But what about RAID configurations other than RAID 1, where data is striped or distributed in ways where merely passing along a TRIM command wouldn't make sense?
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Old 02-20-2013, 09:22 AM   #40
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Originally Posted by sub.mesa View Post
One last remark. Please understand we are talking about Windows-specific issues here. TRIM over RAID and all that is only a problem under Windows. The same hardware can use TRIM just fine on any RAID configuration you want because the hardware itself is nothing more than a storage controller; it just sends the commands it receives. The controller itself doesn't play any part in the whole TRIM story. The TRIM story is about whether the filesystem-generated TRIM requests survive it all the way to the transport to the SSD. Many (RAID-) drivers simply do not process TRIM requests. As far as memory serves me, only Intel, AMD and Microsoft drivers implement TRIM under Windows OS.
I generally disagree here. First this is not Windows specific, it is RAID specific issue. The RAID controller is basically acting like a like a huge translation device (among other things like doing XOR etc). Any OS sending "TRIM LBA 000000AF" would have no clue where that data actually sits on the physical disks. The controller would need to do translation which is more complex in anything in above RAID 0,1,10 since the LBA for the file might sit on a stripe that is divided among 3 -> 50 drives.
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Old 02-20-2013, 11:13 AM   #41
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But what about RAID configurations other than RAID 1, where data is striped or distributed in ways where merely passing along a TRIM command wouldn't make sense?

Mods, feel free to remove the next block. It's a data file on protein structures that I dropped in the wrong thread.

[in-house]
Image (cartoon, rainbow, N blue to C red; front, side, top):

Interesting question. Basically, you are thinking: a single SSD is easy to send TRIM to, we know the LBA address and it won't change. But with SSDs in RAID, we have to split the TRIM and do other tricks with it, so it is a little harder here. That is true.

But what you think of being difficult, is the prime function of a RAID engine. RAID basically is nothing more than a disk multiplexer. It converts the LBA ranges from multiple disks to one virtual LBA range. So the 'trick' to support TRIM in RAID is very simple. It boils down to the core of the RAID driver functionality: splitting and combining I/O to translate virtual to physical LBA.

If a TRIM request arrives at the RAID engine layer, the RAID layer must split this command just like a READ request or even write request. In most implementations, TRIM is implemented using the same I/O path as other requests, meaning that the same piece of code is used to split a READ request as it is used to split a TRIM request to two or more SSDs.

So what you think of being difficult, is actually the prime function of a RAID engine. It has to 'translate' requests from virtual LBA to physical LBA. That's the primary function of a RAID engine.

Likewise, a filesystem has the prime function of translating character-based storage ("files") to block-based storage ("harddrives"). All these are translations from one domain to the other. Each 'node' only has to know stuff applicable to its own layer only. For example, a RAID engine strictly knows nothing about files or filesystems; it only cares about block storage referenced by LBA.

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Originally Posted by imagoon View Post